Hundreds of cars parked on the wintry streets of St. Paul and Minneapolis disappear in the dark of night each year, dragged through snow-choked thoroughfares, swallowed up by crowded impound lots, locked away for a sweet sum.
St. Paul residents can bail out cars towed during snow emergencies for the price of approximately 84 large cups of Dunn Bros. coffee; or, 29 regular-size bowls of pho at iPho by Saigon; or, a one-night bed and breakfast package at The Saint Paul Hotel (pre-tax, as of the time of this writing). That's $209, if you don't want to do the math, with an additional $15 storage fee each day the car remains in the impound lot. (And the lines, don't forget about the lines.)
For one St. Paul woman, that prospect was apparently too much to handle, so when she saw her car being towed about 1:13 a.m. Wednesday morning, she sprang into action. She ran out of her home in the 600 block of Burr Street, yelled at the tow truck driver, jumped in her car and tried to drive off, according to police.
The woman's car was halfway up the flatbed of a tow truck when she jumped into the front passenger seat, slid over to the driver's seat and started the engine.
"She drove forward up on the bed of the truck and was not able to drive it backwards off the truck because it was secured by chains and cables," said St. Paul police Sgt. Mike Ernster, a department spokesman.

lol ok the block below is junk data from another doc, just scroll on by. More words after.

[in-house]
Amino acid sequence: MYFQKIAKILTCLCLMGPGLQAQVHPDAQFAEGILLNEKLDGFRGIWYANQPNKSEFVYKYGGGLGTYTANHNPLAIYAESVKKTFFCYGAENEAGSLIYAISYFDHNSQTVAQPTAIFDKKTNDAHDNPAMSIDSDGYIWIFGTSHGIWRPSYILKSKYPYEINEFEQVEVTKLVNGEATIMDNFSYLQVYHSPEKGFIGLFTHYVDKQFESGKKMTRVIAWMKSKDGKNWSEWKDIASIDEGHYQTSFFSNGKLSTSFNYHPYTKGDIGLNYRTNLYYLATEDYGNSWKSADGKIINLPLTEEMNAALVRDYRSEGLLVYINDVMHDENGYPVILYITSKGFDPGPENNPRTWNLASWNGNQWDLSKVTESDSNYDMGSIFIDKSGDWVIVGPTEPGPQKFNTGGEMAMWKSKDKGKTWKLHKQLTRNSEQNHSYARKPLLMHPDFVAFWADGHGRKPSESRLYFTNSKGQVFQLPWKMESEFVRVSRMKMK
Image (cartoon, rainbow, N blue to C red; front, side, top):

Police officers happened to be nearby and intervened, prompting the woman to return to her home. The officers told the woman she was violating parking restrictions triggered by the snow emergency, which is intended to clear city streets of vehicles so plows can remove snow.
The woman told police she was unaware of the snow emergency, Ernster said.
In the process of trying to reclaim her car, the woman had possibly popped a tire. The car ended up being towed, Ernster said, because the woman told police she was unable to pay a "drop fee" to have the car released to her so she could park it legally in a different location.
The woman was not cited for her actions.
"Getting into it -- trying to maneuver it off the truck -- is putting the tow truck driver in danger, putting herself in danger," Ernster said. "If you can't pay the drop fee at the time, just deal with it later."
St. Paul residents can pay a drop fee to have their cars released at the scene for the price of approximately 30 large cups of Dunn Bros. coffee; or, 10 regular-size bowls of pho at iPho by Saigon; or, less than half a day's stay in the cheapest room at The Saint Paul Hotel (pre-tax, as of the time of this writing). (That's $75, if you don't want to do the math.)
According to Ernster, the $75 drop fee is standard for all tow truck companies that contract with the city during snow emergencies. A $56 citation for violating the snow emergency does not have to be paid at the scene in order to have a car released.
But, Ernster cautioned, if a vehicle is already secured on a tow truck and other cars are being added to the same flatbed, the car does not have to be released to its owner.
As of 8 a.m. Wednesday, 476 cars had been towed in St. Paul and 1,306 citations were issued for violating the snow emergency.
St. Paul declared a snow emergency beginning 9 p.m. Tuesday. Visit www.stpaul.gov/snow or call 651-266-PLOW for more information. To find a list of snow-related frequently asked questions, visit www.stpaul.gov/snowFAQs.
Text "STPAUL NOW" to 468311 to receive a text message when a snow emergency is declared, or text "STPAUL NOW" along with your email address to 468311 to receive an email instead.
"I think the moral of this story is: If your car is being towed, it's not the end of the world," Ernster said. "The best thing is to let cooler heads prevail."